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To remain pay or go free-to-air?

By , agencyfaqs! | In | May 20, 2003
That's the big question rankling broadcasters even as the July 14 deadline on conditional access systems draws near


"It is a mismanaged project," says Ravi Kiran, managing director, Starcom India (west/south). This statement has been made in connection with the roll-out of CAS in the four metros (Mumbai, Delhi, Kolkata and Chennai) which, to put it mildly, has left more questions than answers in the minds of consumers, broadcasters, cable operators and every other interest group that has some kind of stake in the business of television.

Kiran points to the "mismanagement of the government" regarding the confusion surrounding CAS. "Apart from the July 14 deadline, the government has set no intermediate milestones to meet this deadline. Yes, it has announced the composition and pricing of the basic tier, but it is highly inadequate. More was required."

Agency heads such as Kiran may be vocal about the conundrum that CAS is or rather what has become of it, but the bigger question worrying broadcasters especially the ones with mass channels under their belt, is, whether to remain pay or go free-to-air?

The confusion stems from the recent notification issued by the Government that stipulates 30 F-T-A (free-to-air) channels available for a price of Rs 72 per subscriber. "This is a broad sweeping statement made by the government," states a senior media planner in a Top 10 agency. "There are almost 70 to 80 F-T-A channels; which ones are they talking about? Four genres including entertainment, education, sports and information, will make up the basic tier, but there are a number of F-T-A channels operating within this space. Which ones would finally make it to the list? This kind of ambiguity will naturally lead to push and pull among channel-owners to be included in that revered list of 30. Plus the pay channels cannot be ignored especially the mass channels who depend heavily on reach."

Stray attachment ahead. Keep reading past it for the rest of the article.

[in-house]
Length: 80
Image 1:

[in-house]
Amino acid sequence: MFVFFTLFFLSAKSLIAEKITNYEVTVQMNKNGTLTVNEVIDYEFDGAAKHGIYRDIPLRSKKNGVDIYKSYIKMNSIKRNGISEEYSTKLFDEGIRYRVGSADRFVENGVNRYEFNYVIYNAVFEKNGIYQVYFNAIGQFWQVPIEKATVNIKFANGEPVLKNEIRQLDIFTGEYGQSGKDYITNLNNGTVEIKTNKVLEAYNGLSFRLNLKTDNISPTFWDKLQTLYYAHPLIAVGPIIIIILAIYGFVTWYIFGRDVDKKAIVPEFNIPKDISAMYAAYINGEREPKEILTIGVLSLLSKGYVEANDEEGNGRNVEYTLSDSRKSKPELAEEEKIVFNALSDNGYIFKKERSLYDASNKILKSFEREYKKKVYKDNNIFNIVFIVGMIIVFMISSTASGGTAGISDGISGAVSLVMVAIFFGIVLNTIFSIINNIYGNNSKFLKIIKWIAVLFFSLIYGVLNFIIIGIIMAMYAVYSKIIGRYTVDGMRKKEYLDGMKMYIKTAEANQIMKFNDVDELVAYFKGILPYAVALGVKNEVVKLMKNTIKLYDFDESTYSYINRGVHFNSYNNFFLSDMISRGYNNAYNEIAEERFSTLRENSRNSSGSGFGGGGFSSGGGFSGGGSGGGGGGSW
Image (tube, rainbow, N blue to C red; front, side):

"Logically speaking, mass channels ought to be free-to-air, since reach is critical to them, while special interest channels should be pay," says Sandip Tarkas, president, Media Planning Group (MPG), South Asia. "Since mass channels have been deriving 30 to 40 per cent revenues from subscription in the last two or three years, they would be unwilling to give up this viable stream of revenue."

Though no official comment has been forthcoming on the subject, industry sources point out that ZEE and Sony Entertainment Television (SET) may go free-to-air, post July 14. "That is the only way, they can retain their audience and consequently their advertisers," explains a channel executive. "STAR might remain pay because they are leaders in their category. But the issue of availability of set-top boxes coupled with the fact as to whether these boxes should be analog or digital and whether each box will be compatible with different broadcasters are critical at this point in time," he adds.

Kiran of Starcom opines that the first two months could see a downward trend in price and volumes (ad seconds) of channels. "It will go the negative way. However, much will depend on how many people are buying the boxes and which channels of relevance are going through the boxes."

Tarkas of MPG is also of the opinion that the first few months will see a drop in revenues especially advertising revenue. "Advertisers are adopting a wait and watch policy," he says. "But the real problem will emerge if TV viewing time falls. If an average Indian housewife is watching two hours of TV today, and post-CAS, it comes down to 1.5 hours owing to the quality of software (that is, television content) available, then there is a serious problem. Advertisers will have to consider other means of reaching their audience." © 2003 agencyfaqs!

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